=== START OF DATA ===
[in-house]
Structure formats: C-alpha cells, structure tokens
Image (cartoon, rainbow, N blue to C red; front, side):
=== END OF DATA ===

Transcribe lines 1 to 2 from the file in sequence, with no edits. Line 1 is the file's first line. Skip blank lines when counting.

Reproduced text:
[in-house]
Structure formats: C-alpha cells, structure tokens